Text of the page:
Cognitive and Cultural Embeddedness: Combining Institutional Economics and Economic Sociology

By Dequech, David | Journal of Economic Issues, June 2003 | Go to article overview
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Cognitive and Cultural Embeddedness: Combining Institutional Economics and Economic Sociology


Dequech, David, Journal of Economic Issues


A minority of economists and a relatively larger contingent of scholars in other social sciences have attempted to show that the neoclassical theory of economic behavior has serious limitations and to develop alternative approaches. In this effort, both non-neoclassical economists and non-economists have enriched their work with research done outside their original disciplines, but there is room for much more interdisciplinary cooperation.

This paper is part of a broader interdisciplinary discussion of institutions, cognition, and economic behavior begun in Dequech 2003a. The present paper examines what has been called, in recent economic sociology, the cognitive and cultural embeddedness of economic behavior, relating this to discussions of institutions in economics. It considers not only the so-called new economic sociology but also part of the new institutionalism in sociology, an approach marked by its emphasis on cultural-cognitive issues, according tow. Richard Scott (2001, 57). Additionally, the paper is intended to facilitate communication among institutional economists and economic sociologists, which requires discussing some key concepts and how they might be translated into a different language and related to each other. Given this journal's readership, a more specific aim is to make institutional economists more aware of interesting lines of work in economic sociology.

The paper is organized as follows. The first section discusses the notion of embeddedness, which is a core concept for many contemporary economic sociologists. Different varieties of embeddedness are identified. The second section examines the notion of culture and the influence of culture on economic behavior and then relates this to the economists' treatment of institutions. The third section shows the strong intertwinement of cognitive and cultural embeddedness. Finally, the fourth section highlights one among other points concerning the relation between cognition, culture, and economic behavior: the different ways in which culture and cognition are constitutive of economic agents.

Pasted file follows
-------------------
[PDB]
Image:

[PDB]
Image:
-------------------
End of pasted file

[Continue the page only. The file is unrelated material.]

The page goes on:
Kinds of Embeddedness of Economic Action

The notion of embeddedness may be traced back to Karl Polanyi and Clifford Geertz. It was revitalized by Mark Granovetter (1985) and has since then become a central concept in the new economic sociology. Granovetrer's influential article focuses on the embeddedness of economic action "in networks of interpersonal relations" (504). Granovetter (486) used the expression "structural embeddedness" to indicate that not only the personal relations (the "relational" aspect of embeddedness) matter but also the "the structure of the overall network of relations" (1990, 98-99).

In Sharon Zukin and Paul DiMaggio's (1990) wider conception, four kinds of embeddedness of economic action are identified: cognitive, cultural, structural, and political embeddedness. Cognitive embedded ness refers to "the ways in which the structured regularities of mental processes limit the exercise of economic reasoning." This notion calls attention to "the limited ability of both human and corporate actors" (15-16) to employ the kind of rationality required by neoclassical economics. Cultural embeddedness refers to "the role of shared collective understandings in shaping economic strategies and goals" (17). Structural embeddedness is defined, following Granovetter, as "the contextualization of economic exchange in patterns of ongoing interpersonal relations" (18). Finally, by political embeddedness they mean "the manner in which economic institutions and decisions are shaped by a struggle for power that involves economic actors and nonmarket institutions," such as the legal framework of the state (20).

The largest part of the research in economic sociology since its revival has studied embeddedness by focusing on networks, so much so that this has become known to many people as the embeddedness perspective (see, for example, the surveys in Swedberg 1997, 162, 1.

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